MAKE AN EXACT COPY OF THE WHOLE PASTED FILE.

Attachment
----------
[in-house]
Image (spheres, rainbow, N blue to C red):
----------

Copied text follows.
[in-house]
Image (spheres, rainbow, N blue to C red):